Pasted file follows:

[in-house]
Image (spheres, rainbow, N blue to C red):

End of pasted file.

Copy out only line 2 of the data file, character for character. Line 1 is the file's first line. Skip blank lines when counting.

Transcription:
Image (spheres, rainbow, N blue to C red):